It’s also a philosophy that, while I’m sure this isn’t intentional by Frank Herbert to indicate this line can be interpreted this way, can work in regards to horror films. How many films are terrifying precisely because we often don’t see the monster, or the killer, or whatever threat there is? A fear of the unknown can be more terrifying than the fear of what is known. It’s the very thing H.P. Lovecraft based his works around.
“Never obliterate a man unthinkingly, the way an entire fief might do it through some due process of law. Always do it for an overriding purpose–and know your purpose!“
I think this can be applied to Death Note somehow. It is easier to take back words than it is to take back a kill. It makes me think about calls for someone to die. How some call for politicians to die, or for supporters of said politician to die, or for someone who holds a certain belief he/she preaches to die. There are always consequences to something like that, and even if the death is justifiable. It can lead to an uprising, a conflict, chaos, and things overall turning out for the worse. War, killing, murder, those should be last resorts. As Sun Tzu says, “The supreme art of war is to subdue the enemy without fighting.” Hence politics.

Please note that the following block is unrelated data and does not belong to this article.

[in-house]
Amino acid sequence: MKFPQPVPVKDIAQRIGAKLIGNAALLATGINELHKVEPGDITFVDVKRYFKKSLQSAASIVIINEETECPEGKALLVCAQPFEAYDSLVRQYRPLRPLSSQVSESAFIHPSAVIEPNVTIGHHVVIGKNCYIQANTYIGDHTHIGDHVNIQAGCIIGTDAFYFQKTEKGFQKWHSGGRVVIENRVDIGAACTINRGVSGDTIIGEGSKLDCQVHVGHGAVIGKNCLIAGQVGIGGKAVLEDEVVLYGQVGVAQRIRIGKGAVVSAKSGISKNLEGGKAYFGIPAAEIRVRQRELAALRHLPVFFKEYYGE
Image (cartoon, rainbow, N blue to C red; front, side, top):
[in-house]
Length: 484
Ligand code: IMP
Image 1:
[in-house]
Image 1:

There was also some other line of wisdom that I heard somewhere a long while back. I don’t remember if it was Sun Tzu, but it basically goes like, “Do not take pleasure in war. Enter into conflict with a heavy heart. Take no joy in the killing of others. It must only be done if it is only absolutely necessary.”
Granted, the Baron isn’t exactly a role model for this, and I doubt his intentions with the above quote are good, but it’s something to take from it for everyone else.
Idaho was with us in the vision, he remembered. But now Idaho is dead.
An opportunity, a decision, something was there that Paul could’ve done so that Idaho would have come with them and gotten to the place they are at now. But decisions that were made, actions that were taken, closed off that path. Now Idaho is dead. Was Paul too inexperienced? Too distracted? Who knows? But the point is Paul recognizes that, even with his powers of foresight, he is still capable of making mistakes.